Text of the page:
Home Business News Almost 40% of Brits can request leave on the day of their holiday

Almost 40% of Brits can request leave on the day of their holiday

by LLB staff reporter
13th Jun 23 11:19 am

Almost 40% of Brits can request leave on the day of their holiday, new research from SD Worx, European HR and People solutions provider has found.

SD Worx surveyed 16,000 businesses in sixteen countries in Europe, including the UK, France, Germany, Italy and Belgium to fully understand both employer and employee attitudes towards requesting leave last minute.

Aided by digital systems that allow eight in ten employees (79%) across Europe to request and have their leave approved quickly online, the findings paint a positive picture for employees looking to benefit from maximum work flexibility and improved work-life balance.

Wanted: Better work-life balance

The research points towards a much more flexible attitude among both employees and employers when it comes to balance personal and professional lives. With over three quarters (78%) of European employees putting leave and flexible working on a similar priority level as salary, the benefits and value of flexibility is something businesses cannot ignore.

The survey findings highlight that:

  • More than half of European employees (55%) can request their leave a week or less in advance;
  • One in ten employees can request leave one to two weeks in advance;
  • One in three must submit their leave request two weeks to one month in advance.

However, when it comes to requesting time of at the last minute, Brits almost top the chart with 4 out of 10 (38%) saying their employers allow them to request time off on the day of departure. However, the Danes take the crown with over half (54%) saying no lengthy notice needs to be given.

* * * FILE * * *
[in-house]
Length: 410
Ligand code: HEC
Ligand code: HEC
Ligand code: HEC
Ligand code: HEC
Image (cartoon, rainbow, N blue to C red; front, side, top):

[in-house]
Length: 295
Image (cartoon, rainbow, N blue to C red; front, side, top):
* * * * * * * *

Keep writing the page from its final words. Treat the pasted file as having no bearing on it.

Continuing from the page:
Unlimited leave days: The jury is still out with employees

Despite demand for flexible leave, ‘unlimited leave days’ offered by some companies aren’t universally coveted, with less than half of European employees (48%) showing an interest in it, and 12% stating they are not interested at all. Employees in Croatia, Poland and Spain are most likely to want unlimited leave (66%, 60%, 56% respectively), followed by the UK (51%), Denmark (49%) and Sweden (46%).

Similarly, the research indicates that where implemented, unlimited leave policies have relatively low impact on the amount of holiday taken:

  • Just under a quarter of employees (23%) state that they would take a lot more leave days than they do normally;
  • 38% of employees would only take a little more leave;
  • One in three employees (34%) would take the same number of leave days;
  • And 7% would take even less leave.

This goes some way to explaining why employers themselves are not necessarily opposed to the idea of unlimited leave days. 37% of employers are broadly neutral and an equal number of employers are positive, although a quarter (27%) think it is a bad idea.

Rachel Clough, UK Country Lead at SD Worx said, “Time off is critical for employee well-being and allows staff to recharge their batteries and avoid burnout, which is vital for productivity and can lead to better business performance.

“For some time now, flexibility has been at the top of the business agenda for both employers and employees. Staff now place flexibility far above other benefits – often including pay packages.

“Businesses who fail to recognise the importance of this run the risk of high turnover and will eventually lose top talent and we are seeing more and more employers pivoting to offer these benefits to help attract and retain staff.”

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